Six days after its originally scheduled date, I have the appeals hearing. It goes reasonably well – I went pro se, but it helped that the DSHS attorney apparently hadn’t bothered to read the 80 pages in records they’d sent me ahead of the hearing. I had. (It included nuggets like a using a random and much higher number for my self-employment income, rather than the documented figure I gave them.) However, I won’t find out a decision until early next month, and I expect that most of the insane amount, but not all, will be upheld.

By then, I need to decide whether to go back to my old $643/mo secondary insurance – expensive, and it doesn’t cover dental, but they respond to problems in a timely way and the policy does cover everything else, including essential drugs a lot of plans won’t cover; apply existing health debts (like the home health care) to the 4th quarter spenddown, which is only a temporary fix and leaves me on the hook to a bunch of additional debtors – or see if I can find some sort of charity program to help with the drug costs.

That was Monday. It’s now Thursday afternoon, and between us Revel and I have $20 to last us until we get our monthly disability checks in ten days. Between my fruitless efforts to save the vehicle (so that, once legal, I could sell it to help with other expenses), the insurance nightmare, the health challenges, and a generous helping of random bullshyte, I’m broke and beyond frustrated.

Shortly I’m planning to launch a new media project – because there’s a need for it, because it has the potential to at least partly help defray some of these expenses (and I’m as tired of begging my friends for financial help as you are of hearing it), and most of all for my own sanity. I’ve spent far too much time this year dealing with all this absurdity – believe it or not, this is the abridged version – and far too little tine doing things like reporting and commentary that I enjoy and am good at.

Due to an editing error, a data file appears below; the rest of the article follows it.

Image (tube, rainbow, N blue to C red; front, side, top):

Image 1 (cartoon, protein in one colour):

If you’ve read this far, thank you for caring and for your forbearance. If you can help financially it would help, of course. (There’s a PayPal button at lower right, or PM me directly.) The less time I spend on all of this, the more I can spend writing about things more people care about.

But even more, this is a cautionary tale. When I hear about lazy poor people, or plans that will, say, magically house all the homeless if only they follow these 630 simple steps, the first thing I think about is that people who’ve never had to navigate these systems assume that they work the way they’re designed to, and that if people aren’t helped by them it’s the individual’s fault. Sure, in hindsight, I would have handled some of this year’s situations differently, but only because I wasn’t cynical enough. Which is saying something.

And I doubt it would have helped much. These are systems designed to appease the consciences of those who design and fund them, not to meet the needs of those who need them. As our wealthy local and national economy leaves more and more of us behind, the only real security we have is each other.